Crossword artwork filled in by German woman in museum


BBC News:

Crossword artwork filled in by German woman in museum

A 91-year-old woman is under investigation in Germany after filling in blank spaces on a crossword-themed artwork in a museum.“Reading-work-piece” is a 1965 piece by avant garde artist Arthur Koepcke and features the phrase “insert words”.
The woman began writing on it using a ballpoint pen during a visit by senior citizens to Nuremberg’s Neues Museum.
Museum officials say they believe the work can be restored and said the woman was reported for insurance reasons.

The woman is being investigated for damage to property, although there is no suggestion of any malicious intent.
The pensioner told police she understood the English-language instruction on the artwork to insert words and took it as an invitation to fill in answers to the clues, Suddeutsche Zeitung reported.

She added that this should not have come as a surprise to the museum as it had not put up a notice instructing visitors not to write on the piece, the newspaper said.
Gerlinde Knopp, who was leading the excursion, said the museum was also full of interactive art, making it easy to lose sight of what one could and could not do there.

I love it!


There was an occasion when a genitor woman took a garbage installation in the museum for a real garbage and threw it away. :smiley:


Somebody shoulda seen that comin’ ! :slight_smile:


Wasn’t this woman being avant garde in her own right? She was only creating new art out of old art. I wonder if Arthur Koepcke might not have gotten a kick out of this at any rate.



This is exactly what I was thinking.


The museum should have anticipated this by putting a plastic shield over the piece. I mean, it’s not like it’s that hard to imagine this happening, or to prevent it.



It’s a 1965 piece. How long has it been in the museum without incident?


Museums regularly rotate their exhibits, taking pieces out of storage and displaying them for a time, and then putting them back into storage and displaying other pieces. I doubt very much this particular piece has been on display continuously for over 50 years. It’s not that important a piece to grant it that sort of valuable wall space.

At the Denver Art Museum, they had an exhibit of sacred folk art from the southwestern US and Mexico. They had displayed the artwork in a little makeshift “chapel” including a hand-carved pew, some statues, etc.

When visiting the museum with some Sisters, the docent pointed to a statue of St Isidore the Farmer there and explained that the hat on the statue’s head was not part of the original display. An elderly Hispanic woman had come to the museum several times, sitting in the pew (which was allowed) for short periods of time. One day, she put a homemade straw hat on St Isidore’s statue – “because a farmer needs a hat.”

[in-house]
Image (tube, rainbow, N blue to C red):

The museum left the hat as part of the display. :thumbsup: :smiley:


This just made my day. God bless little old ladies.


That’s just so funny! :smiley:


So the museum put up this

“shave and a haircut …”

and it was an older lady was the one who provided the " … two BITS!" < Roger Rabbit succumbs to that irresistible temptation.

Funniest thing to hit the museum circuit since …

Elderly woman destroys 19th-century fresco with DIY restoration

Ecce Homo by 19th-century painter Elías García Martínez on the walls of the church of Santuario de Misericordia Photo:

Destroys or improves? What do you DO with an incomplete crossword puzzle when you’ve GOT a writing utensil and time on your hands?

As per the long neglected fresco … who can deny that the clothes on Jesus look much better … and hey … people of a certain age were greatly influenced by

Pablo Picasso

and Salvador Dali


I prefer Dali’s four-dimensional crucifix :slight_smile:



Most people don’t really get modern art
Kudos to the old lady for really getting what that art piece was all about.:thumbsup:

What would be even more ironic is if anyone has ever been arrested for not paying for Abby Hoffman’s book


Just wait now for somebody to answer the call of nature at Duchamp’s “Fountain”.


:eek: :eek: :eek:
:rotfl: :rotfl: :rotfl:


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